IRS Seizes Linda's Melrose Jazz Room for Back Taxes

Linda's, the spacious restaurant and jazz room on Melrose Avenue that's been home to numerous pianists and singers, has been seized by the Internal Revenue Service for nonpayment of taxes. The room was closed by the IRS on Wednesday.

"I was trying to sell my business, and we were about to go into escrow earlier this week when this (seizure) happened," said singer Linda Keegan, who, with her partner, Douglas Dyer, opened Linda's in 1986.

Keegan will be able to reopen immediately if she can pay the IRS $10,000 in back taxes, she said. "And I have about $2 in my purse," she laughed ironically. "But I have calls out to a number of people. Perhaps someone will come to my aid."

According to Jan Gribbon, IRS public affairs specialist, Keegan and Dyer's business can be sold--at auction or via sealed bid--as soon as 10 days after date of seizure to pay back taxes. "But it's usually more like 30 days," she said.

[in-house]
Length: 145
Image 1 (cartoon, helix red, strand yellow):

Linda's was the musical home to many area jazz artists, including Keegan, who sang almost nightly. Others who frequently appeared were pianists Jimmy Rolls, Alan Broadbent and George Gaffney and singer Pinky Winters.

Keegan noted she doesn't own the property and estimated that what the IRS could sell--the fixtures of her business--would be worth about $4,000. "It doesn't make sense to do that," she said.

Keegan blamed the extended Writers Guild strike of 1988 for a general slowdown in business. "I was doing fine until that came along," she said.

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